I’m heading down to my mom and stepdad’s house in Florida for the long weekend, and part of the purpose of the trip (besides lounging by the pool) is to pick up my favorite childhood toy: a doll so creatively named Big Baby. She’s been part of my life for the last thirty or so years, but when Mom was in town a few months ago we pondered over Big’s current state of disrepair. A decision was made to carefully transport her to a doll maker relative to perform the much-needed surgery. I haven’t seen her yet, but the reports are good ~ in addition to a new cloth body and stuffing, her hair has been washed and combed, hopefully hiding the choppy haircut I gave her many years ago.
All this talk of loving toys led me to the following quote, from Emily Post’s Children are People. Thanks to Mom and Aunt Pam for saving Big Baby! And many thanks for not replacing her with a boring old tinkle doll.
1940: Talent for Toy Choosing
There is an especial gift which certain people have for choosing the very toy that each child loves the most of all. Buying a present for an older child is easy enough, since it is usually getting something that you can persuade him to tell you about, including the store or the catalog in which it is to be found.
But when choosing a toy for a younger child, the essential thing to do is to imagine that it is for you, and ask yourself what you are going to do with it. If it is something to look at ~ like the musical doll’s head on a stick that tinkle-tinkles as you swing it around ~ it would bore you to death and make you dizzy besides. Well, that is exactly what the child will think, too. For a little baby the tinkle doll is quite all right. But not for more than a minute at that, since he can’t take it in his hands or put it in his mouth or do anything but blink at it as it whirls around. For a child of two, anything with which he can make something is always delighting. I hesitate to suggest a hose to couple and uncouple, to turn on and off on a hot summer’s day ~ because nothing ever made by a toy manufacturer ever met with the success of this. Next to a hose, a collection of small boxes ~ ordinary wooden boxes of the kind silversmiths use to enclose cardboard boxes for mailing, and of course blocks of almost any sort, and balls both big and little, and animals, and a wagon. Above the age of three all of the kindergarten boxes ~ mat-weaving, sewing, drawing, clay-modeling, painting, bead-threading ~ are delightful if a grown person or older brother or sister will help to keep it easy play and not an irksome task.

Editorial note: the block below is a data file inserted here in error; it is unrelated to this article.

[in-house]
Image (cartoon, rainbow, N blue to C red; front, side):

The ‘didey doll’ was perhaps the most fascinating of dolls, because of all the things that the child was able to do for it ~ bathe it, dress it, feed it, change it, wash for it.
Having rather belittled things just to look at, let me add that there are endless things that children love to look at for minutes on end ~ picture books, dolls, toy animals. But the books must have pictures that fascinate you, the doll a face that suggests a name. In fact, to give it a name when you send it is sometimes a good idea. Pigaline, a chunky bear, the elephant child, and the personable dog. . . .
In many cases, if, when you go to buy a doll or an animal, there is one that has something about it that makes you think it quainter, cuter, sweeter, more take-me-homish than anything you’ve ever seen, it is almost certain that the child will think so too! Why? I don’t know ~ perhaps it is nonsense, but in many, many cases, and over the stretch of many years, I have found it to be true.
Source: Post, Emily. Children are People, and Ideal Parents are Comrades. New York: Funk & Wagnalls Company, 1940.
~ pp. 158-60 ~